Throughout the entire year, I think we all tried to stay positive and have faith that our family would witness another cancer miracle. Surely my dad’s otherwise healthy body and strong faith would be able to beat off this nasty disease.
Dad did as much as he could during the last year of his life. I was always happy to call home and not have anyone answer and then call my mom’s cell phone and find that they were out at a Colts game or out to dinner with Jackie and Joe. Cancer is awful and makes you weak and sick but I didn’t want that for my dad. I wanted him to keep living and having fun.
To throw another loop in my family’s year, my mom was also diagnosed with cancer about 6 months after dad. She had surgery for uterine cancer in February. Thankfully the doctors said it was caught early and she didn’t need radiation or chemotherapy.
Chemo was very hard on my dad but I don’t ever remember him complaining about his side effects. He would comment about how he felt weak or his stomach was bothering him but he never complained. He wanted to be on the treatment because he wanted so badly to get better. He stayed so strong until about six weeks before he died. The cancer was too aggressive.
Dad entered the hospital on a Wednesday and died one week later. Many family and friends were able to be with him during the week at IU Simon. I hope he felt the love that radiated in the room. Nurses would often come in to check on dad and say, “I know you probably don’t need anything since you take such good care of Dr. Madden but I have to do rounds and double check.” My family literally took over room A2 and the entire lobby area outside of the room. People were making beds out of chairs or sleeping on the floor. No one wanted to leave my dad. I don’t think there was ever less than 10 people there at one time and we probably had over 30 people there on Friday night. Friday night was special. We all told stories about dad – his siblings, mom, cousins, friends – everyone had a story to tell. There was so much laughter in the room and also a lot of tears.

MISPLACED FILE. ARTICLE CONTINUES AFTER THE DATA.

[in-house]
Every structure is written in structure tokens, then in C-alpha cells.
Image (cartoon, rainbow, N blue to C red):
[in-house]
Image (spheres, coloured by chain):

Saturday was the last day that dad actually spoke. He was taking care of others and thinking of others until his last word. He wanted to make sure my mom was taken care of financially. His actual words were, “Terri is a young woman! She will need money.” He asked Papaw (my mom’s dad) to make sure the house had new locks and that our cars would get regular check-ups. He wanted everyone to make sure Lauren and I picked good men to marry and hoped Austin would find a nice girl. He always put others first.
To me he was dad but he had many other names – Dr. Tom, Thomas, Tom, Dr. Madden and probably Tommy as a child. Many people have said that he was probably the best person they ever knew. I’m thankful that I was able to call him my father.
I think we all had time to tell dad we were thankful for him but I would like to thank him here also. (And this is only a little dip into what we all have to be thankful for from Dr. Tom Madden) Thank you for the AMAZING family vacations.
We all thought you were crazy for wanting to go to a Dude Ranch in Colorado but it ended up being the best family vacation ever! Thank you for always smiling in the audience for every show choir performance, play, musical, dance recital, football game, basketball game, softball game (yes Lauren and I did attempt to play sports too…) Thank you for being so supportive. Thank you for working so hard so we could go to private schools and have nice things. Thank you for making great dinners on the grill so we could sit outside at our own private family restaurant called The Back Yard. Thank you for being our own private doctor. Thank you for being so smart at seriously everything! Dad always had the best Science Fair Project ideas. Thank you for giving us your pretty blue eyes. Thank you for marrying mom and giving me the best family possible. Thank you for loving us so much.
My aunt said something to me right after my dad passed and it stuck with me. She said “Don’t even think about putting “Tom lost his battle to cancer” in the obituary. Tom didn’t lose at anything.